Your Board and Management Team invested a significant amount of time in 2014 developing a set of strategic initiatives that we believe are vital in shaping the future of our business and furthering our mission. We formed a Strategic Planning Steering Committee consisting of 3 Board members and 3 Management Team members to guide the implementation of these initiatives.
To further our sustainability efforts and to serve you better, we began offering Electronic Owner Coupons in January 2017 at the register.
No more forgetting to bring your owner coupons. No more waiting for your newsletter to arrive. Cashiers simply ask if you want to use your owner coupons when you check out.
As we enter our second year of Electronic Coupons we wanted to share a couple of friendly reminders and the 2018 month by month schedule.
Looking to stretch your grocery budget? So are we! We've lowered the price on over three hundred items to create a set of high integrity staples for every shopper. Welcome to Co+op Basics.
Co+op Basics includes over 300 pantry and household staples. From beef to milk to cereal, we’ve lowered the margin and price on all those items to make organic, healthy food accessible to every shopper.
The funding cycle for the 2018 Co-op Community Grants for nonprofit organizations is now open.
Every spring, for more than 20 years, we’ve been donating to area nonprofits through our Community Grant program. We are committed to creating healthy, sustainable communities and this program helps us fulfill that commitment by supporting the amazing work of local nonprofits. The Community Grant program is also the highlight of Cooperative Principle 7, Concern for Community, and is something we take to heart.
By Emile Amarotico
As we commence our lap around the sun in 2018, I wish to recognize the longstanding contributions of an amazing group of professionals. We are blessed with the dedication of eleven department managers expertly coordinating the daily flow of people, products and services that breath life into our Co-op!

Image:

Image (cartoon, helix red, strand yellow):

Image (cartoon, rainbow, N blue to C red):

Lynne (35+ years’ tenure) our Grocery Manager oversees keeping the aisles abundant with shelf stable products and coolers full of fresh perishables.
By Gwyneth Bowman, Vice President
After serving on the AFC Board for fourteen years my passion for the Co-op model has strengthened my commitment to the Cooperative Principles and Values. Of special importance is how we work together as a governing body with one voice. We are the ultimate decision-makers of our Co-op and hold a trusteeship for the benefit of our owners and community.
Like it or not, the cool weather has arrived. Whether you are heading out for a hike or enjoying a good book by the fire, the Co-op Deli has what you need to fuel your favorite fall activity. Stay warm with these comfort food recommendations from the Co-op Deli.
By Emile Amarotico
A recent visitor commented that our parking is totally inadequate to our business volume. What’s true is that we cannot create more parking due to space and municipal code constraints. Thus, the value of each available space is increasing over time. Assuming only half of Co-op shoppers use automobile parking, each space supports at least $200,000 in annual sales.